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Education Materials > Publications > Self-Study Modules on TB > Glossary 1-5

Self-Study Modules on Tuberculosis

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Self-Study Modules on Tuberculosis 1-5 Glossary PDF

Glossary

This glossary contains the new terms listed at the beginning of Modules 1-5.

a - b - c - d - e - f - g - h - i - j - k - l - m
n - o - p - q - r - s - t - u - v - w - x - y - z

acid-fast bacilli (AFB) - mycobacteria that stay stained even after they have been washed in an acid solution; may be detected under a microscope in a stained smear

adherence to treatment - following the recommended course of treatment by taking all the prescribed medications for the entire length of time necessary

administrative controls - guidelines for promptly detecting patients who have TB, placing them in an area away from other patients, giving them a diagnostic evaluation as soon as possible, and treating them if they are likely to have TB disease

adverse reaction - negative side effect resulting from the use of a drug (for example, hepatitis, nausea, headache)

AIDS - acquired immunodeficiency syndrome, a disease in which the immune system is weakened and therefore less able to fight certain infections and diseases; AIDS is caused by infection with the human immunodeficiency virus (HIV)

alveoli - the small air sacs of the lung that are at the end of the airway; when droplet nuclei reach these air sacs, TB infection begins

anergy - the inability to react to a skin test because of a weakened immune system, often caused by HIV infection or severe illness (see anergy testing)

anergy testing - giving skin tests using two substances other than tuberculin; done to determine whether a person is anergic. People who do not react to any of the substances, including tuberculin, after 48 to 72 hours (that is, people who have less than 3 millimeters of induration to all of the skin tests), are considered anergic.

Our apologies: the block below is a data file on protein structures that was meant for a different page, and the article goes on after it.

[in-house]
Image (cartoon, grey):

bacteriologic examination - tests done in a mycobacteriology laboratory to diagnose TB disease; includes examining a specimen under a microscope, culturing the specimen, and doing drug susceptibility testing

baseline skin test - the tuberculin skin test given to employees or residents in certain facilities when they start their job or enter the facility (see TB screening program and two-step testing)

BCG - bacille Calmette-Guérin (BCG), a vaccine for TB disease that is used in many countries but rarely used in the United States; may cause a false-positive reaction to the tuberculin skin test

boosted reaction - a positive reaction to a tuberculin skin test, due to a boosted immune response from a skin test given up to a year earlier; occurs in people who were infected a long time ago and whose ability to react to tuberculin had lessened. Two-step testing is used in TB screening programs to tell the difference between boosted reactions and reactions caused by recent infection (see booster phenomenon and two-step testing)

booster phenomenon - a phenomenon in which people (especially older adults) who are skin tested many years after becoming infected with M. tuberculosis may have a negative reaction to an initial skin test, followed by a positive reaction to a skin test given up to a year later; this happens because the first skin test boosts the immune response. Two-step testing is used in TB screening programs to tell the difference between boosted reactions and reactions caused by recent infection (see two-step testing)

bronchoscopy - a procedure used to obtain pulmonary secretions or lung tissue with an instrument called a bronchoscope; used only when patients cannot cough up sputum on their own and an induced specimen cannot be obtained